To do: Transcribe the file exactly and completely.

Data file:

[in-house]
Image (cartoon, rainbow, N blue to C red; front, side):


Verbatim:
[in-house]
Image (cartoon, rainbow, N blue to C red; front, side):